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2013: UN International Year of Quinoa

The International Year of Quinoa aimed to raise awareness of how the grain crop quinoa can provide nutrition, increase food security, and help eradicate poverty around the world.

Illustration image

Quinoa harvest in the Peruvian Andes.

©iStockphoto.com/ErnestoG

The Year of Quinoa aimed to focus world attention on the “nutritional, economic, environmental and cultural value of quinoa,” a seed originally cultivated for food in the Andes, primarily in Peru, Bolivia, and Ecuador.

The year 2013 was also the International Year of Water Cooperation.

Gluten free plant food

Quinoa is the only plant food that is gluten free, has a high protein content, and contains all essential amino acids. Additionally, it can easily adapt to different ecologies, making it easy to grow in all forms of weather and land conditions.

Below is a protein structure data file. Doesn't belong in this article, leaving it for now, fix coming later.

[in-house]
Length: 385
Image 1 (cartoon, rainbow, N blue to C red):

Its nutritional value and its adaptability makes quinoa an excellent food source in places where ecological conditions do not allow other food crops to thrive, as well as in regions where animal protein do not prominently feature in daily diets.

Preventing hunger

With the Food and Agriculture Organization at its helm, the key purpose of the year was to emphasize on how quinoa can be used as a way to prevent hunger and alleviate populations from poverty.

The IYQ also hoped to develop a better understanding of Quinoa markets in order to connect existing and future producers with the marketplace, and to facilitate exchange of scientific knowledge regarding the seed.

Celebrations

Activities to observe the year included a global forum on Quinoa to be held in Ecuador, competitions for innovative uses of quinoa, a multi-language quinoa cookbook, and initiating a global day of quinoa.

Topics: UN Year

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